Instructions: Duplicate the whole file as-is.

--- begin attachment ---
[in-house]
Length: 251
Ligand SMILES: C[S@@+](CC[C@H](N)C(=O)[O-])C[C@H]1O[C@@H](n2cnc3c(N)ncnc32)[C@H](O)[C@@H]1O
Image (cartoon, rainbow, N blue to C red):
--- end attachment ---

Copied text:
[in-house]
Length: 251
Ligand SMILES: C[S@@+](CC[C@H](N)C(=O)[O-])C[C@H]1O[C@@H](n2cnc3c(N)ncnc32)[C@H](O)[C@@H]1O
Image (cartoon, rainbow, N blue to C red):